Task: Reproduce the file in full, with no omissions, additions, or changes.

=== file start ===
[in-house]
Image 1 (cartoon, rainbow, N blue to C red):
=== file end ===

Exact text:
[in-house]
Image 1 (cartoon, rainbow, N blue to C red):